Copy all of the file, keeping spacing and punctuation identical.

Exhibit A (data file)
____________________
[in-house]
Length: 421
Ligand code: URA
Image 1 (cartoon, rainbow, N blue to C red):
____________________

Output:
[in-house]
Length: 421
Ligand code: URA
Image 1 (cartoon, rainbow, N blue to C red):